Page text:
Irregular shower pan size - new construction [Archive] - Ceramic Tile Advice Forums - John Bridge Ceramic Tile


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03-09-2004, 09:24 PM
New construction: I need some advice on shower pans. Yesterday I was talking to a plumbing supply rep and he seemed quite knowledgeable but since we didn't know anything about building a shower, I'd like to hear some of your opinions. Our two showers are kindof odd shapes and not standard sizes.

One is 3'8" x approx. 5' with a diagonal door (i.e. one wall is approx. 5' and the opposite wall is approx. 2-1/2'). The other one is about the same size and shape.

He says there is no vinyl or fiberglass pan that will fit exactly. And he says he does not recommend lead and that not all subdivisions allow lead. We're having the walls tiled with probably the same large ceramic floor tile but he says not to use tiles on the shower base because water will seep through the grout lines. Now I'm a complete idiot when it comes to this. He kept talking about leakage and how important the proper installation is. He was trying to sell us a preform fiberglas pan even though it won't fit wall to wall. I didn't understand what he was saying about what to do with the area the pan doesn't fit in (you know, where it falls short?). None of this makes sense. I've never seen a prefabbed shower pan in any of the model homes we've been to.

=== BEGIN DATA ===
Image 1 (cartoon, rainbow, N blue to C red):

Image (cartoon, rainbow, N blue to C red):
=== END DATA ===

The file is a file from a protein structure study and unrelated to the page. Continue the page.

Anyway, you might disregard all of this and just tell me what we need to do, what kind of shower pan to get for a non-standard size and what to look for and what to expect of the plumber when installing it. (He also said NOT to put in a bench seat, which the architect designed in mine, because water would get under it - he said to make a wooden bench by building up the tile vertically on both sides of 2-3 planks of wood to form legs so that the water will drain down.)

Someone in Gardenweb just recommended Jetta Stone - that they can pour it into any size I need. I went into their site and love the look and it sure beats little tiles. They say they can make any custom-size pan but I don't want to give them dimensions and then find out the framer cut it a little short or big and now it won't fit exactly. Her fabricator said he could pour it to any size shower. Do you know anything about Jetta Stone and whether it could be done on site?
:confused: :confused:

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03-09-2004, 09:33 PM
Hi Susan. The guy you were talking to doesn't seem to know much. A regular PVC pan can be used under the tile and will last a long time, longer than those poured pans. Also, a seat can be built not to leak out of concrete blocks and tiled over. As with everything, it all must be done right.

03-09-2004, 09:37 PM
Hi Susan...

The rep was right in some respects. It is essential that a shower pan be done properly or it will leak. It's not something you trust to any old handyman ( or plumber rep)